The start was delayed, and at lunchtime the organisers arranged five laps behind the Nissan Mid-4 pace car. Stuck, riding passenger in the pace car, said even that frightened him!

Then came the parleying. Some drivers, notably Jochen Mass and Mike Thackwell, felt they ought to race and put on some sort of a show. Jacky Ickx, Stuck, Bell, and most of the others felt that the risks were altogether unacceptable. “If I am told to race then I will… maybe backwards, maybe I’ll have an accident, but I’ll do what I’m told” said the sunny Hans Heyer, of the Jaguar team. Bernard de Dryver, in the Cheetah, felt the same. “It’s up to Chuck (Graezniger). I don’t want to race, but I will if he tells me to. But I think I would crash.”

There were the spectators to think about. Sponsors, too, would have to be told. Meanwhile the organisers were leaning heavily on FISA steward Main Bertaut. If the race was cancelled they’d have to return money to the spectators, and having brought the Europeans over at vast expense there would be an insupportable loss. If the race was delayed until Monday there would be few spectators and hardly any marshals. If they delayed it until Thursday, a public holiday, most of the Europeans wouldn’t stay, anyway. Critically, most of the Japanese teams wanted to race. Their Bridgestone, Yokohama and Dunlop tyres were far better suited to the conditions; Bridgestone, for instance, had a choice of three rain tyres with deep grooves for these monsoon conditions.

Bertaut made the inevitable decision that the race would go ahead, though of a shorter duration. The European teams, considering their tyre handicap, made the equally inevitable decision not to take part, though they were sensitive about the word “boycott”. Their organisation, OSCAR, helped them to make a collective decision, but one was left with the feeling that if it was left strictly to the team managers, the Europeans would perhaps have made a token effort that would have avoided the collective guilt of chickening-out.

There is no question that Hoshino would have won the race even against the top WEC teams. He was a complete master of the situation, his Bridgestone tyres coped efficiently with the lakes and rivers that had the German Dunlops aquaplaning, the drivers helpless in the steering and traction departments. But who is going to explain that to the 83,000 spectators?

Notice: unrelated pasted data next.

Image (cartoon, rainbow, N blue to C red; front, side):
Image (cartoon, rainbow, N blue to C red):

Hoshino pulled out two or three seconds on every lap, eventually winning the race by a clear lap, and Bridgestone-tyred cars claimed the top three places. The similar March-Nissan, which had shared the second row, slipped back to fifth place on Japanese-made Dunlops, and that was the difference between ideal tyre equipment and merely adequate… and the European rubber was not lathe same league at all.

The Nissan-powered March was by far the most interesting and competitive car so far as the visitors were concerned, powered by the two-valve, Nissan V6 three-litre engine. Electramotive, the Californian tuning firm, had fitted twin Garrett water cooled turbochargers to bring the power up to 710 bhp (for qualifying) or 680 at 1.2 bar boost, presumably with correct economy for a 1,000 kilometre race, though that has yet to be demonstrated. There were two March chassis, and a third Nissan V6 in a Lola T810, each operated by a private team. The Lola was never quite on the pace, perhaps because the team wasn’t as well organised (fresh mechanic, had been recruited since its previous race at Suzuka), and finished in eighth place.

The two March-Nissans had thrown down the gauntlet during Friday’s qualifying session, Hoshino lapping quicker than Stefan Belles pole time last year, though Stuck responded on Saturday with a typical all-out effort which put pole position beyond doubt. The Jaguars were only 19th and 20th quickest, after missing Friday’s qualifying session due to engine problems, but it’s doubtful if they could have gone any quicker on Saturday, as usual, they were outgunned by all the Porsches, plus the turbocharged Nissans and Toyotas, and never got the opportunity to prove their competitiveness in race conditions.

Derek Bell and Hans Stuck shared the World Championship without actually racing at Fuji, since challengers Ickx and Mass didn’t start either, and their success was something of an anti-climax. However, with three wins, three second places and a third to their credit, none deserved the title more. — M.L.C.

Results

Fuji 1,000 Kms. World Endurance Championship for Teams and Drivers. Race shortened to 2 hours (62 laps, 273.2 kilometres) Weather – heavy rain

1st: K. Hoshino (3.0 t/c Nissan-March 85G) 2 hr 01 min 10.79 sec (135.38 kph)
2nd: O. Nakako (2.3 t/c Nissan-Le Mans) 61 laps
3rd: S. Nakajima(2.1 t/c Toyota-Dome 85C) 61 laps

You may also like

Related products